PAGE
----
A Collection Of Water Rooted Baby Pothos
A Collection Of Water Rooted Baby Pothos (Source: Unsplash)

2. Propagation in Soil

Propagating in a potting mix is another popular medium that eliminates the need for rooting the stems in water.

Step 1: Follow the same process as before and prepare the fresh stem cutting for potting.

Step 2: Take a small container (3-4”) and fill it with moistened potting mix

Step 3: Dip the cut end in rooting hormone before setting it into the pot. The rooting hormone will provide an additional boost for root proliferation.

Step 4: Ensure at least one node is under the soil when burying the stem but avoid burying any leaves.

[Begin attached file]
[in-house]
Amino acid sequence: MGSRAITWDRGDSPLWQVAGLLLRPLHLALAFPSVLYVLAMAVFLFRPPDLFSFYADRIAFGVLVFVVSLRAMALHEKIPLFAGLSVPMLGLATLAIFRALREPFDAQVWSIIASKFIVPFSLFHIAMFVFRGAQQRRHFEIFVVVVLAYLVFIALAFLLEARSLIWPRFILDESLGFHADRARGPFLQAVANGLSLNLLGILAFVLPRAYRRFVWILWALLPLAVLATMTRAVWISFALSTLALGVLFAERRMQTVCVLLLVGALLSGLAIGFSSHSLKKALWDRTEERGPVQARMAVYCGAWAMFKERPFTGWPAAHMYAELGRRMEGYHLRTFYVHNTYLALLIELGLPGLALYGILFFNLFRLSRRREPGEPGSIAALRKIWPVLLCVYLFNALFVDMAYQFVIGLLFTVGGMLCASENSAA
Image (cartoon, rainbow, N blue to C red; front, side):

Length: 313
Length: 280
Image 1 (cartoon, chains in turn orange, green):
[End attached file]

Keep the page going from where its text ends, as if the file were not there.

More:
Step 5: Place the container in a sunny location with indirect light and keep the soil moistened at all times.

Step 6: It may take a few weeks before it starts developing a set of new feeder roots.

Step 7: Give your plant a gentle tug to assess if roots have grown long enough. Pothosorth, you can start treating it like a matured plant.

Newly Propagated Indoor Plants
Newly Propagated Indoor Plants (Source: Unsplash)

Additionally, you can grow Pearls and Jade from seedlings, but it may take longer than usual to see good results. Here is how you can successfully grow Pothos from seeds.

13. Repotting the Plant

The first rule of repotting Pothos is to avoid repotting if it looks happy.

The Pearls and Jade are slow growers, so they can go without repotting for years.

However, do not leave your beloved plant to become overly root bound or affixed in nutrient-less soil.

It usually requires repotting once every 2-3 years.

A healthy Root Bound Pothos
A healthy Root Bound Pothos (Source: Unsplash)